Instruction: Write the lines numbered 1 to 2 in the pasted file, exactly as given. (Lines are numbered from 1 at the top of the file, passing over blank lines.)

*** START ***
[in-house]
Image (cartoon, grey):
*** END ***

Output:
[in-house]
Image (cartoon, grey):